MY AMERICAN SCIENTIST
LOG IN! REGISTER!
SEARCH
 
RSS
Logo IMG

FEATURE ARTICLE

Gene Chips and Functional Genomics

A new technology will allow environmental health scientists to track the expression of thousands of genes in a single, fast and easy test

Hisham Hamadeh, Cynthia Afshari

Figure 6. Laser-based scannersClick to Enlarge Image

These past few years of scientific discovery will undoubtedly be remembered as the "genomics era," the period in which biologists succeeded in enumerating the sequence of nucleotides making up all, or at least most, of human DNA. And while this achievement has been heralded as a technological feat equal to the moon landing, it is only the first of many advances in DNA technology. Scientists are now faced with the task of understanding the meaning of the DNA sequence. Specifically, they want to learn how the DNA code relates to protein function. An important tool in the study of "functional genomics," is the cDNA microarray—also known as the gene chip. Inspired by computer microchips, gene chips allow scientists to monitor the expression of hundreds, even thousands, of genes in a fraction of the time it used to take to monitor the expression of a single one. By altering the conditions under which a particular tissue expresses genes—say, by exposing it to toxins or growth factors—scientists can determine the suite of genes expressed in different situations and hence start to get a handle on the function of these genes. The authors discuss this important new technology and some of its practical applications.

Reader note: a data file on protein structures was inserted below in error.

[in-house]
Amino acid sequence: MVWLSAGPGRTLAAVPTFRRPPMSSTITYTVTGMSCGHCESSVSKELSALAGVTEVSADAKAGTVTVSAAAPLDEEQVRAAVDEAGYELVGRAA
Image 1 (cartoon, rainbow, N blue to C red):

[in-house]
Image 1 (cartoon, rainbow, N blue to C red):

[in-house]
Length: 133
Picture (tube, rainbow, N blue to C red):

Go to Article

 

EMAIL TO A FRIEND :

Subscribe to American Scientist